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    LUSAKA, July 5 (Xinhua) –Though the Zambian government has declared zero tolerance on corruption, petty corruption is still high, results of study conducted by anti corruption watchdog Transparency International have shown.

    The survey, conducted by Transparency International- Zambia (TI-Z), has shown that though grand corruption was down, petty corruption was still high.

    The Bribe Payers’ index showed that instances of public officials soliciting for bribes have continued to be a source of grave concern.

    The survey showed that bribe taking increased by a total of 58.5 percent in the business sector and 38.5 percent in the public service.

    Most of the people interviewed said they paid bribes to the police service, road traffic department, the revenue collection body, the local councils and passport offices to get a service.

    About 36 percent of the people interviewed said refusal to pay a bribe resulted in denied service while 52 percent said it resulted in unnecessarily delayed service.

    Furthermore, about 56.3 percent of the people talked to said the current government was not committed in fighting corruption compared to 43.7 percent who felt that the government was committed.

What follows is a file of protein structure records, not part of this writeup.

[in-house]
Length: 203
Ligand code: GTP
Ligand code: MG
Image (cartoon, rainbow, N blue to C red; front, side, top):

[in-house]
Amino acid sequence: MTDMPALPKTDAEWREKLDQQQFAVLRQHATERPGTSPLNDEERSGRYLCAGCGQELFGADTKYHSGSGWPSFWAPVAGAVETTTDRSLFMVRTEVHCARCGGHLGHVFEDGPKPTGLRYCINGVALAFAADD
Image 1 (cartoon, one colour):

“By and large, the current government’s performance in fighting corruption was poorly rated though some improvements in handling complaints were also noted by respondents,” TI-Z Board Member Kavwanga Yambayamba said at the launch of the report.

    TI-Z has since urged the Zambian government to undertake a comprehensive anti corruption approach.

    The survey, conducted last year in all the country’s nine provinces, involved 1, 948 respondents. The respondents included households, business owners and civil servants.

    About 90 percent of the business respondents indicated that corruption levels in the country were still severe while over 80 percent public workers indicated that the vice was still high.

    Since coming into office in 2002, current President Levy Mwanawasa has embarked on a crackdown on corruption.


Editor: Yan Liang